I've been thinking about an alternative plan to the metal can and plastic bottle garbage can diggage and squashage. The alley outside is already disgusting with filth and trash that never made it into the garbage because people around here are piss poor shots and/or they just don't care. Why bother picking up the Indian takeout Styrofoam box to put it into the trash when someone's obviously just dumped his ashtray all over the ground there? God knows what the greenish-yellow splotch is, but whoa, step lively.
Originally I had thought about suggesting padlocking the trashcans and giving only the residents the key. Some of the restaurants in Fort Wayne do that to discourage dumping, but there isn't a chance in hell that that would work here because people already litter. A padlock on a trash can would be like an engraved invitation. As bad as litter is now, it would get worse. I suspect that many of the residents are doing the littering, anyway.
I thought about suggesting that everyone stomp the hell out of their Coke cans and water bottles, then place them neatly outside by the trash cans. Right next to the abandoned sofa, baby! Then the shopping cart Reubens could sit for a moment or two on the sofa, maybe while marveling at how sometimes the gods do smile on you in the size and shape of neatly bagged, squashed bottles and cans. But somehow I don't think this idea's going to work either (there must be at least a hundred folks who throw their trash away here along the alley), but the thought makes me smile.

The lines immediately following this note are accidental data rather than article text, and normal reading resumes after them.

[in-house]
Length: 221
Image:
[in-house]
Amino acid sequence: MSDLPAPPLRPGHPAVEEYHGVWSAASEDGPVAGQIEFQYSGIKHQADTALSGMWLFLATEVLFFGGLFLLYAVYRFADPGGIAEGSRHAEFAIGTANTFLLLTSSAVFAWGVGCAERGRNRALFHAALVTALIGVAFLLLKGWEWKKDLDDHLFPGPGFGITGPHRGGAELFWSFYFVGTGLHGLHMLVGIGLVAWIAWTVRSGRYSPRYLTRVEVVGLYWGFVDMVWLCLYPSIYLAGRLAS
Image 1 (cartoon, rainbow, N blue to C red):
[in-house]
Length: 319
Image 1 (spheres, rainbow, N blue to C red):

Usually as my discontent grows, I get more and more quiet because I want to retreat from all of the ugliness. That's how I cope. Silence is a necessary step to come to terms with myself about whatfreakingever. Here in L.A., though, it's taken longer since silence is rare and I usually equate silence with peace. But I'm through being silent. Finis. I plan to rant as often as necessary.